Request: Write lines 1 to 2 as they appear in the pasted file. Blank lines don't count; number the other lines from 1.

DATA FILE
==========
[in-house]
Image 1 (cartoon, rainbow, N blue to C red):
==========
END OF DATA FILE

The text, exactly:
[in-house]
Image 1 (cartoon, rainbow, N blue to C red):